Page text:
Artificial Leaf Produces Electricity From Water

Artificial Leaf Produces Electricity From Water

Scientists from MIT have created a small device that mimics a leaf to convert water into stored energy.

Yi Chen
  • 3 october 2011

The team of researchers at MIT in the U.S. has discovered a more effective way to produce sustainable energy. The manmade device simply called the ‘artificial leaf” is ten times more efficient and powerful than a natural leaf when it comes to photosynthesis. The artificial leaf is no bigger than a typical playing card and is powered by solar-like cells. Once immersed in water and exposed to sunlight, the leaf begins to bubble and separate hydrogen and oxygen. The oxygen and hydrogen can be captured and stored to produce electricity.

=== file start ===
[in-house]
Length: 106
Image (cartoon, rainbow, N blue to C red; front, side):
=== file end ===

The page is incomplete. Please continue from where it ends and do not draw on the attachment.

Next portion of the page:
MIT professor, Daniel Nocera. explains that artificial leaf is inexpensive to make, using common materials like silicon, cobalt and nickel. Nocera hopes that the concept can help developing countries:

Our goal is to make each home its own power station. One can envision villages in India and Africa not long from now purchasing an affordable basic power system-based on this technology.

Watch the video below to see how the artificial leaf converts water into energy:


+Clean Energy
+Electronics & Gadgets
+Environmental / Green
+Environmental sustainability

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